Crow Fair, called the “Tipi Capital of the World,” is an annual event held the third weekend in August on the Crow Reservation at Crow Agency in Montana. It is one of the largest Native American events in North America and is run by a committee of the Crow tribe. There can be over a thousand teepees set up during the fair, along with parades, powwows, rodeos and other events too numerous to mention. To see more posts about Crow Fair simply type in CROW into the search box at the top of the page and hit enter. There are dozens of posts about Crow Fair with many pictures to show all aspects of the fair. Also be sure to visit our sister site http://www.OpenChutes.com to see more posts of Western Events. OpenChutes is a blog exclusively dedicated to Powwows, Rodeos, Cowboys, Indians, Indian Relay Races, Mountain Men, Rendezvous and any other western event that may occur in the Rocky Mountain West. Enjoy your visit.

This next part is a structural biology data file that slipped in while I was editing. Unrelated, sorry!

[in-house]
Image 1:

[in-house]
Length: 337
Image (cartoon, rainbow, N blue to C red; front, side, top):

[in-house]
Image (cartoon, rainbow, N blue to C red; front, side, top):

So, Where You Been Then

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“So, Where you been then.” That is just one of the questions we’ve been asked regarding our dearth of posting for the last month. In fact, pictured above, is Ms. Euclidia Hanson asking it again. “Where you been” she asked ” you don’t write, you don’t call, where you been? I didn’t pay good money to be treated like this.” and so on. (Note: In checking our records we found that Euclidia didn’t pay any money to us at all, and in fact owes us for service since the first of the year and all of last year. We’ll be contacting Ms. Hanson about that just as soon as the rut is over)